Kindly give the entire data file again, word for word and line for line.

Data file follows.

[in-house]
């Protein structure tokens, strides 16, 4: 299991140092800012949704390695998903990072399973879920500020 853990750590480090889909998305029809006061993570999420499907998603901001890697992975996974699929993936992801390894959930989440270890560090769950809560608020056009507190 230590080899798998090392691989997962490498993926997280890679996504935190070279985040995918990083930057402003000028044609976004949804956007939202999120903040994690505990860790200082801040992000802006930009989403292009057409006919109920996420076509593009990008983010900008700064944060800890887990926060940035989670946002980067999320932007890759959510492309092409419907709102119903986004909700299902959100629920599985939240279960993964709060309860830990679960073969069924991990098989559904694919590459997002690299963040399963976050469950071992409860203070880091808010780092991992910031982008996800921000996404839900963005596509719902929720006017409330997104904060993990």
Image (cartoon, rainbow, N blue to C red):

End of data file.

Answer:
[in-house]
């Protein structure tokens, strides 16, 4: 299991140092800012949704390695998903990072399973879920500020 853990750590480090889909998305029809006061993570999420499907998603901001890697992975996974699929993936992801390894959930989440270890560090769950809560608020056009507190 230590080899798998090392691989997962490498993926997280890679996504935190070279985040995918990083930057402003000028044609976004949804956007939202999120903040994690505990860790200082801040992000802006930009989403292009057409006919109920996420076509593009990008983010900008700064944060800890887990926060940035989670946002980067999320932007890759959510492309092409419907709102119903986004909700299902959100629920599985939240279960993964709060309860830990679960073969069924991990098989559904694919590459997002690299963040399963976050469950071992409860203070880091808010780092991992910031982008996800921000996404839900963005596509719902929720006017409330997104904060993990």
Image (cartoon, rainbow, N blue to C red):